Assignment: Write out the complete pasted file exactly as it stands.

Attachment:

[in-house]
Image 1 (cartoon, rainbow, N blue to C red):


[in-house]
Image 1 (cartoon, rainbow, N blue to C red):